Airplanes soar up in the sky and we never questioned who ever flied them. But have we ever asked ourselves or even putting in the effort of finding out who maintains these modern day man driven birds? The simple answer is, they are overseen by aeronautical engineers.
What is an Aeronautical Engineer?
An aeronautical engineer performs scientific studies and applies technological principles to improve existing design of aircrafts and its systems. Constant research is performed to develop new designs on how to further enhance aircraft capabilities. They also specialize in developing missiles, military aircrafts satellites and space vehicles.
Duties of an Aeronautical Engineer
Creates aircraft components and equipment based on scientific findings as well as technological principles. Constantly researches on design specifications to improve flight performance of aircrafts.
Supervises manufacturing and assembly and any modification done on components used.
Takes part in flight tests to measure factors that concerns the overall flight experience. This includes measuring capability to maneuver, capacity to land and rate of climb.
Provides maintenance to the aircraft by means of inspection and servicing. Additionally, performs different types of research to improve safety features and minimize fuel consumption and reducing the negative effects in the environment.
Communicates with different teams and other professionals within the industry to present and receive data to agree with budgets and other specifications.
Work Condition of an Aeronautical Engineer
Noisy airfields and manufacturing plants is a typical scenario for a person aspiring as an aeronautical engineer. But an office setting can be looked forward to. This ultimately depends on the nature of the project involved.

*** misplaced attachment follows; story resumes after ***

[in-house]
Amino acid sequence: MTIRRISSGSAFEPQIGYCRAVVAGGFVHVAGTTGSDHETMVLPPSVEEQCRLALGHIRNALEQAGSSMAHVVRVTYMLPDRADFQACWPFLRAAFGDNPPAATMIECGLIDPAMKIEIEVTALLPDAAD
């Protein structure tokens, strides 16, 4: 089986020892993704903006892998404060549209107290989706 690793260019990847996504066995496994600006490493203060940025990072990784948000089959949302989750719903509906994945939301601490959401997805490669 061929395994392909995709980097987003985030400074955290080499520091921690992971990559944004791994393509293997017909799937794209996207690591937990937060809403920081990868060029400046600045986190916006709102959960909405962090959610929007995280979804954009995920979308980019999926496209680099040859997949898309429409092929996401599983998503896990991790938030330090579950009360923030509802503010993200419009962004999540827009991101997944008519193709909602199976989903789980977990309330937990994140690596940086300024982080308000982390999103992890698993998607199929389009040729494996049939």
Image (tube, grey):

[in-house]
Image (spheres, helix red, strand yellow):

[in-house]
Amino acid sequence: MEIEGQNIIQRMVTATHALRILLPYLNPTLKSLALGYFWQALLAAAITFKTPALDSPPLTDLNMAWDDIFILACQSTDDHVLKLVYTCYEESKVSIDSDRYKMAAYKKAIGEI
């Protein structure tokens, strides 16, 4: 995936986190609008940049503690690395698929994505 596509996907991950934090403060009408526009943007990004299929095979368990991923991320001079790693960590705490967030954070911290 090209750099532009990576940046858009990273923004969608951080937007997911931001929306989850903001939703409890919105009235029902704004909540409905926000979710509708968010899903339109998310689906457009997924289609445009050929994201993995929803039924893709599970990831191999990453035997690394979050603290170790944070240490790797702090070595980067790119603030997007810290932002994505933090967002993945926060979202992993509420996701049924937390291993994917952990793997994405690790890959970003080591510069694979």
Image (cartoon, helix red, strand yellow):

An aeronautical engineer should expect a full time 40 hour week going on overtime as necessary. Expect to meet deadlines that could add to the pressure in doing the job within the prescribed hour.
Educational Requirements of an Aeronautical Engineer
A candidate should be at least a graduate of a bachelor’s degree in the field of engineering. Typical curriculum includes basic sciences in the field of Physics and Chemistry as well as an introduction to engineering.
Most employers require that an engineer should be licensed or what is commonly called as a registered engineer. This will include graduating from an engineering school and passing the examination.
Occupation and Progress of an Aeronautical Engineer
Currently there is an estimated 56,000 aeronautical engineers. Most candidates work on commercial aircrafts. Others have an option to find jobs that are defense related since there is an almost never ending need to improve aircraft used for homeland security.
There may be a slow growth for this field but it pays handsomely. Entry level engineers can expect at least $40,000 a year while those who have management positions can get as much as $90,000.
Aeronautical engineers are considered to be smart, passionate and analytical thinkers, which is why you’ll never have to wonder who develops and maintain modern flying machines. If you get into this field, you are guaranteed in getting a rewarding career. Your contributions will be very beneficial to the public, so grab the chance to make peoples feet off the ground and keep them on air.